Amplifying New Voices workshop teaches diverse game talent how to lead and speak

Join top gaming executives at GamesBeat Summit 2023, May 22-23 in Los Angeles. Register here.

Amplifying New Voices takes place on Sunday as a one-day workshop focused on professional skills and representation ahead of the Game Developers Conference. It caters to underrepresented individuals in the gaming community.

The 6th annual event brings together veterans with new voices in the gaming industry to educate a new generation of speakers and presenters. It provides training for early and mid-career developers to professionally represent their game or company to their peers, the audience and/or the media.

As the gaming industry becomes more diverse, gaming conferences need to reflect that diversity. But too often the same old speakers show up on the stage, and not enough women or people of color speak or even compete for the floor. Amplifying New Voices aims to change that, said Meggan Scavio, president of the Academy of Interactive Arts & Sciences (AIAS), in an interview with GamesBeat.

The AIAS Foundation organized the event with donations from GDC, which is providing space and AV assistance to help cover the cost of the event. AIAS is also raising more money from other sponsors to help fly out participants from around the world. This year’s sponsors include Microsoft, Sony, Supercell and Electronic Arts.

Table of Contents


GamesBeat Summit 2023

Join the GamesBeat community in Los Angeles May 22-23. You hear from the brightest minds in gaming to share their updates on the latest developments.

Register here

Read  How to watch Buffalo Bills vs Kansas City Chiefs: NFL Week 6 time, TV channel, live stream

Amplifying New Voices was founded by industry veterans Perrin Kaplan, Zebra Partners; Robin Hunicke, formerly Funomena; Caryl Shaw at Double Fine Productions; Brandi House, formerly at Metas Oculus; and Sibel Sunar, Head of Fortyseven PR. Scavio said the group came together after GamerGate, when it was clear that highlighting different game developers could benefit everyone in the industry if they had more knowledge about who makes the games we love to play.

“It was our opportunity to try to address representation in games and really show the world who’s making games, not just the people we propose,” Scavio said. “We empower underrepresented game developers with the skills to become the next generation of voice actors for games.”

I agree with the approach the group is taking to train people to be storytellers. I’ve spent a long time trying to find the most prominent CEOs I could find to speak at our GamesBeat Summit events. But it turned out that many of them were reluctant to speak openly due to various company restrictions. And it turned out that focusing on anyone who was a good storyteller could lead to both better speakers and a more diverse range of people.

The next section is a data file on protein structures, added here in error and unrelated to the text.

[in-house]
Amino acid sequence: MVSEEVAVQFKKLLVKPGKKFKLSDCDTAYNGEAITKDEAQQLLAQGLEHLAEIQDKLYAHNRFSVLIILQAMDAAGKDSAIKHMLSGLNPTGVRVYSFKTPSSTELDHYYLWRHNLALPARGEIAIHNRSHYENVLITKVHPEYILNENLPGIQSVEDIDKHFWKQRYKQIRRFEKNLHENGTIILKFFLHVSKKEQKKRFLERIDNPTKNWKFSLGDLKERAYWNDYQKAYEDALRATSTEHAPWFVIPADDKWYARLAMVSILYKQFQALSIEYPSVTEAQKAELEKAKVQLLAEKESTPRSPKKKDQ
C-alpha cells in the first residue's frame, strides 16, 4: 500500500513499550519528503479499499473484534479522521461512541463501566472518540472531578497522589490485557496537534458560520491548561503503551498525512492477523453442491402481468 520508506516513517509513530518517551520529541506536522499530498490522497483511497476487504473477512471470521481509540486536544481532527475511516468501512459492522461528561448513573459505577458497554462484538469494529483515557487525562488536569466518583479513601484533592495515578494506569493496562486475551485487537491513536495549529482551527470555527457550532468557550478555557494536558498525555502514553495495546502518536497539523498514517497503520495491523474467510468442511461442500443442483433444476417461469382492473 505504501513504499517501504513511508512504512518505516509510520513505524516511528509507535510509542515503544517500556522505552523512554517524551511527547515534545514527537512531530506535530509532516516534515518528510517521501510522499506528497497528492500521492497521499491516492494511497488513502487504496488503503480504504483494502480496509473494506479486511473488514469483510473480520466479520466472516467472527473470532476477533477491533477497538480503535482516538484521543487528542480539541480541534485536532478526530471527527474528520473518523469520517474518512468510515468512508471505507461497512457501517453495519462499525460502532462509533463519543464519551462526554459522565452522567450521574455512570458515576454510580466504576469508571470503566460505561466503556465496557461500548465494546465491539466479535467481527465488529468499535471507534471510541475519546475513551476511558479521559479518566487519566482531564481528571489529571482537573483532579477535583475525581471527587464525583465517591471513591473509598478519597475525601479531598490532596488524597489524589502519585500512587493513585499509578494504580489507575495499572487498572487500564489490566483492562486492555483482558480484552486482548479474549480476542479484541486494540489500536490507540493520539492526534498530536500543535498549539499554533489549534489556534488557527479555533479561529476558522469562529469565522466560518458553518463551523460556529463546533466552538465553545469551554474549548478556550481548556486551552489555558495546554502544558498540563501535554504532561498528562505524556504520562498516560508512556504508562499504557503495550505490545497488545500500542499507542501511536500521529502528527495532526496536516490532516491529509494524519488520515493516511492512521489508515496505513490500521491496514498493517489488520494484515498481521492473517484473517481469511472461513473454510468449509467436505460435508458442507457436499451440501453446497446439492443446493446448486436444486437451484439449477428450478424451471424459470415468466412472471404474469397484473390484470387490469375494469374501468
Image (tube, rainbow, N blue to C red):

Applicants came from all over the world this year, from triple-A studios as well as indie game studios. Previous applications have come from all over the world, and the applications are often diverse. Wren Brier, creator of the hit indie game Unpacking, walked through the program.

Scavio said the training focuses on how to be a good speaker but also on skills like writing a bio that will help you get selected as a speaker. Too many people are too modest when creating a bio, Scavio said.

Read  How to set medication reminders on your iPhone

The program offers a full-day workshop of hands-on training and coaching for applicants demonstrating high potential as new voices, with the goal of creating outstanding, activated role models for underrepresented groups and perspectives. It also trains them about personal and professional PR and improves their public speaking and presentation skills. For example, they teach them how to conduct an interview with Dean Takahashi and not be intimidated.

All professional helpers are volunteers and the environment is supportive. ANV accepts about 36 people from an applicant pool of maybe 150 or so applicants. The ultimate goal is to normalize diversity in games.

“It’s a heart project for all of us,” said Scavio. “I love amplifying the voices so much I really want to talk about it all day.”

The GamesBeat creed in gaming industry coverage is “where passion meets business”. What does that mean? We want to tell you how important news is to you – not only as a decision maker in a game studio, but also as a fan of games. Whether you read our articles, listen to our podcasts, or watch our videos, GamesBeat will help you learn more about and enjoy engaging with the industry. Discover our briefings.

Related Articles

Leave a Reply

Your email address will not be published. Required fields are marked *

Back to top button